Say that Mary Moe is pregnant, HIV positive, and planning to take her child to term. Assume also that medical treatment for the HIV during pregnancy can substantially decrease the risk of her communicating the HIV to the soon-to-be-born child. (As best I can tell, that's factually accurate.)
Say also that Mary Moe is infected with some other disease — call it German Measles 2 — that risks causing birth defects in the children of other pregnant women who come into contact with Moe. (The hypothetical disease would differ from traditional German measles in that it would be persistent but asymptomatic in the carrier; in this respect, imagine Moe as a Typhoid Mary for this disease.) Assume also that medical treatment for German Measles 2 can substantially decrease the risk of Moe's communicating German Measles 2 to other women's soon-to-be-born children.
I take it that, by analogy to the vaccination cases, the government may force Moe to take the medical treatment for German Measles 2 (am I right?), to minimize huge health dangers to the soon-to-be-born children of others. True, this is an intrusion into Moe's bodily integrity, but your right to bodily integrity must yield when your body is threatening the spread of disease to others.
If so, can it really be the case that the government nonetheless may not force Moe to take the medical treatment for the HIV, to minimize huge health dangers to her own soon-to-be-born child?
Is Moe's bodily integrity sufficient to justify the harm to the life and bodily integrity of her child — not just to a potential person (which is how the law conceptualizes the fetus before viability), but to a real person who will be born, and who may well be sentenced to a short life and painful death because of Moe's communicating the disease to him?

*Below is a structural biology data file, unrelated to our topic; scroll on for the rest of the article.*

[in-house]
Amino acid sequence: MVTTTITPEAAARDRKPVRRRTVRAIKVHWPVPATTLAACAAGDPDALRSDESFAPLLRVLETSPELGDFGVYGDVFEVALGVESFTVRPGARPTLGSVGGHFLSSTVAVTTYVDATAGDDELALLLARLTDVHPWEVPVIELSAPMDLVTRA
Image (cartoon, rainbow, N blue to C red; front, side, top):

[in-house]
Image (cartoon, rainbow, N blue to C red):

Say that Moe's child grows up to be, say, ten, but is clearly dying by then. She's not just a fetus or even an infant. She can talk, and ask questions. Here's how the conversation goes:
Child: "Why am I dying?"
You: "Because you got a deadly infection from your mother. Your mother could have taken steps that may well have saved your life, but because of her idiosyncratic view of medicine, she chose not to."
Child: "But wait, why didn't someone stop her from doing this to me?"
You: "Oh, we couldn't do that: She had a constitutional right to infect you with a deadly disease, with no interference from anyone else."
Child: "So if someone is walking around with a communicable disease that would cause birth defects in other people's children, he has a legal right to keep doing that."
You: "Of course not; we could mandate that he be vaccinated, or otherwise treated. But that's only when he's infecting other people's children. When a women is infecting her own child who's still in her womb, she has a constitutional right to do that."
Can that really be right?
[UPDATE: Correct a couple of errors in paragraph 2 -- thanks to the commenters for pointing them out.]
Related Posts (on one page):
- Pregnancy and Communicable Disease -- A Thought Experiment:
- Do HIV+ Pregnant Women Have a Constitutional Right To Refuse HIV Medication,